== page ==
Plane Graveyard

Plane Graveyard

The time has come to retire to private life, to go to “retirement”, as humans say. After fulfilling our duty, after fighting countless battles in the sky and flying over the skies of Russia, we finally collapsed to the ground.


The airplane cemetery is located in Monino, shortly after the Central Museum of the Russian Federation of Air Forces. To enter you will have to follow the entire perimeter of the museum, to the point where you will find a kind of fence. At this point you just have to climb over it and you will end up in the cemetery of abandoned aircraft.


The Monino museum is one of the world’s largest aviation museums and the largest for Russian aircraft. There are 173 aircraft, 127 aircraft engines and exhibits collections of weapons, instruments, uniforms, artworks and other objects related to aeronautics.

Thanks to the Monino museum it is possible to trace almost the whole history of Russian aviation starting from 1909.

Settled in a military area, the museum belongs to the nearby Gagarin Aeronautical Academy, and it was opened in 1958. Before 2001, the structure was closed to the public, because it exhibited prototypes with still confidential data, coming from the era of the Soviet Union. Nowadays these projects are part of a very important collection. Until 1995, almost all of these airplanes served as tutorials for the Gagarin Air Force Academy, at least until they were transferred (some in already bad condition) to the Monino museum.

Since 2003, the Air Force Museum of Russia has conducted air shows with the participation of aviation legends of World War II, modern pilots, in addition to the flight of hot air balloons and airships. The air shows are traditionally held on public holidays (May 9 and June 12).

From 2001 until summer 2006 it was still necessary to visit the museum a special permit, which is no longer required.

The remaining structures of the air base, including the runway, are now abandoned.


Time to retire to private life, to be our own masters. We will no longer need someone to pilot us, but we will be our own drivers.

The engine is the heart of an airplane, but the pilot is his soul. This is what humans think. The problem remains that the latter never put themselves in someone else’s shoes.

Looking around we climb the fence, as if we were foxes looking for food. Our cameras are already pointed in the direction of the planes, while we are looking at them from the top to the bottom. Reached the first plane we slowly walk towards its belly. “It’s huge, a dinosaur I dare say!” I comment.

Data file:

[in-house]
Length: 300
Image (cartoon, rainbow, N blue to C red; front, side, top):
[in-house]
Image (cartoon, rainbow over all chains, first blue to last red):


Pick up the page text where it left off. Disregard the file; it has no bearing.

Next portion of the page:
The others around do not even reach half the length of the latter. Some of them are real helicopters, other fighter planes, and others are bombers. Almost all bear the indistinguishable sign of the USSR, the emblem of the hammer and sickle with a red star on it, now faded over time. Others carry the Cyrillic script CCCP, which translated goes to indicate the “Union of Soviet Socialist Republics”.

After doing the “monkeys” for hours and climbing on some planes, with some funny photosessions annexed, we are forced to leave the area.

We climb the fence and as if nothing had happened, we slowly return to the train station.

On the Map:

Monino in Ruins

Monino in Ruins

In search of lost planes, amid mud and snow, I and Giada, my traveling companion, venture into the meanders of Monino.


The abandoned buildings are located in Monino, 150km from Moscow easily reachable with 2 hours of elektricka. Around the Museum of the Central Air Force there are various disused buildings, even if in some cases the access prohibition still remains.


Our research starts from the train station, where with our stunted Russian we try to make ourselves understood and ask for information regarding the abandoned aircrafts. Unfortunately, as we had previously suspected, everyone shows us the way to the museum.

After making a visit to the supermarket, we head towards the museum where we hope to find some information. For our bad luck here we receive only an infinite number of words in Russian of which we do not even know the meaning.

“Uf, I think they do not understand what we really want to visit” I think to myself.

Having said that, we begin to visit the surroundings with the help (inaccurate) of the electronic maps. Therefore we take a few steps back and return to the main road. Arriving at the museum we see some abandoned buildings. Making our way through the 30cm of snow we reach the first house.

As soon as I step inside I hear a rather strange noise: a quite big dog gets up from the next room and approaches briskly. I remain to observe him, at the same time I take the camera from the lining to capture the moment. He, however, almost annoyed, takes the door to my left and runs away. In addition to the dog inside this building we find only ruins. In the other neighboring building an interminable corridor awaits us, with blue doors at the sides. The rooms either are covered in rubbish and snow, or some paperwork or furniture eaten away from the moisture.

Passing to the side of the museum and taking a probably private street, we find ourselves in front of a gate. In Cyrillic there is something written about the police and the entry ban. We decide to get around the obstacle and enter another part. We pass in front of a kind of Mural, with the police that, 100 meters away, near by the entrance gate, stops by car. We continue as if nothing had happened.

Within this lot there are other abandoned farmhouses, also submerged by the snow and silent as the forest that is next to them. They share the same moments and the same emotions. Their reaction to our visit is in fact rather unusual for equally unusual visitors.

On the map

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